Fujifilm to repair X-T1 units affected by light leak issue free of charge (UPDATED)
posted Friday, March 14, 2014 at 9:42 AM EST
UPDATE (3/17/14): Fujifilm USA has issued a separate service advisory, which indicates a different range of serial numbers for affected X-T1 cameras. Fuji USA says the light leak and flare issue occurs on a "limited number of early production X-T1 cameras" with serial numbers below 41A05201 (serial numbers 41A05201 and higher are not affected). Fujifilm is asking anyone concerned about their camera to contact a Fujifilm Repair Center at 1-800-659-3854 (ext. 3461) to get their camera looked at and, if needed, repaired free of charge.
Not long ago Sony's full-frame E-mount flagship cameras, the Alpha 7 and Alpha 7R, were in the news as users were reporting light leaks occuring around the lens mount. Shortly thereafter, reports came in about users of Fujifilm's brand-new X-T1 experiencing similar issues, only this time the light was creeping in through one of the flaps covering the ports on the side of the camera. Now Fujifilm Japan has issued an official service advisory for the issue, while Fujifilm UK and Germany seem to be repairing faulty units for free, with some retailers even exchanging them for a replacement camera.
The Google translated version of Fujifilm Japan's service advisory states that the issue appears only when the flap covering the microphone/remote and HDMI/USB ports is open, so it isn't really a problem for the most case. However, when shooting video or when making long exposures with a remote control or external control monitor attached via HDMI, then light leaks can become apparent in the resulting images. In our own tests, we were able to confirm that there is indeed a light leak issue with the Fujifilm X-T1.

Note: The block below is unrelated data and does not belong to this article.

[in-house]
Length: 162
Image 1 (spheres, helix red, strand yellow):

In order to fix the problem, of which Fujifilm Japan says only camera bodies with serial numbers ranging from 41002001 to 41006000 are affected, owners are asked to send their cameras to a Fujifilm repair center, where they will be fixed free of charge. Meanwhile, users from the UK and Germany report that the local Fujifilm dependencies are also fixing the cameras free of charge, while in some cases the retailers having sold the faulty units have offered to replace the cameras entirely.
So if you own an X-T1 body and its serial number is within the range mentioned above, you're best advised to contact your local Fujifilm service center and have the problem fixed – regardless of whether you're currently doing video and/or long exposures with a remote control or not. Chances are that when you approach Fujifilm in a year or two, after your warranty has expired, they won't do the repair for free anymore. But for now, we're happy to see that Fujifilm handled the situation quickly and professionally. Much better than Nikon did with the D600 oil and dust issue ...